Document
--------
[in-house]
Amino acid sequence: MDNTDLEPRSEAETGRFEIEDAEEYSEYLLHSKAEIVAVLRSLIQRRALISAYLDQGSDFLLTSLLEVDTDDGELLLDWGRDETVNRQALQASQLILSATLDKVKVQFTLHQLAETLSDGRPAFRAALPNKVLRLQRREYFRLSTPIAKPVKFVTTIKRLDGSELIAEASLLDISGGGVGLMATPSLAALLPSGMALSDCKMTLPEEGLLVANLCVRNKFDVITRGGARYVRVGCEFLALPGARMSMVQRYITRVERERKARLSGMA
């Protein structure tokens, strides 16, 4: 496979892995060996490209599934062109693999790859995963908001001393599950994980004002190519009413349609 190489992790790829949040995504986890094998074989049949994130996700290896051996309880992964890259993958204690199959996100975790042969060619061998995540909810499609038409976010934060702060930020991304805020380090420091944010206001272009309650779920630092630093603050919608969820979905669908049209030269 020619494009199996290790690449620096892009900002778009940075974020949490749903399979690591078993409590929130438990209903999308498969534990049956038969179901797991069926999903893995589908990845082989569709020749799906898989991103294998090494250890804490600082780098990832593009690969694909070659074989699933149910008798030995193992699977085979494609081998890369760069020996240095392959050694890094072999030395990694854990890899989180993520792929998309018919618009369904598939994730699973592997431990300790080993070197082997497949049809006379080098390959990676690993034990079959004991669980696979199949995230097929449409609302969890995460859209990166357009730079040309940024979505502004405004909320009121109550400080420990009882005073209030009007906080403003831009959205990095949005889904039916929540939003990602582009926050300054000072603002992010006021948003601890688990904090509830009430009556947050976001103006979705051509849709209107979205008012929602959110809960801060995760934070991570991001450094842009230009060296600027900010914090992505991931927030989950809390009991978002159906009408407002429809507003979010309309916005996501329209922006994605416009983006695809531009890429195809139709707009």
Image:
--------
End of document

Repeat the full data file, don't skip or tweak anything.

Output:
[in-house]
Amino acid sequence: MDNTDLEPRSEAETGRFEIEDAEEYSEYLLHSKAEIVAVLRSLIQRRALISAYLDQGSDFLLTSLLEVDTDDGELLLDWGRDETVNRQALQASQLILSATLDKVKVQFTLHQLAETLSDGRPAFRAALPNKVLRLQRREYFRLSTPIAKPVKFVTTIKRLDGSELIAEASLLDISGGGVGLMATPSLAALLPSGMALSDCKMTLPEEGLLVANLCVRNKFDVITRGGARYVRVGCEFLALPGARMSMVQRYITRVERERKARLSGMA
């Protein structure tokens, strides 16, 4: 496979892995060996490209599934062109693999790859995963908001001393599950994980004002190519009413349609 190489992790790829949040995504986890094998074989049949994130996700290896051996309880992964890259993958204690199959996100975790042969060619061998995540909810499609038409976010934060702060930020991304805020380090420091944010206001272009309650779920630092630093603050919608969820979905669908049209030269 020619494009199996290790690449620096892009900002778009940075974020949490749903399979690591078993409590929130438990209903999308498969534990049956038969179901797991069926999903893995589908990845082989569709020749799906898989991103294998090494250890804490600082780098990832593009690969694909070659074989699933149910008798030995193992699977085979494609081998890369760069020996240095392959050694890094072999030395990694854990890899989180993520792929998309018919618009369904598939994730699973592997431990300790080993070197082997497949049809006379080098390959990676690993034990079959004991669980696979199949995230097929449409609302969890995460859209990166357009730079040309940024979505502004405004909320009121109550400080420990009882005073209030009007906080403003831009959205990095949005889904039916929540939003990602582009926050300054000072603002992010006021948003601890688990904090509830009430009556947050976001103006979705051509849709209107979205008012929602959110809960801060995760934070991570991001450094842009230009060296600027900010914090992505991931927030989950809390009991978002159906009408407002429809507003979010309309916005996501329209922006994605416009983006695809531009890429195809139709707009």
Image: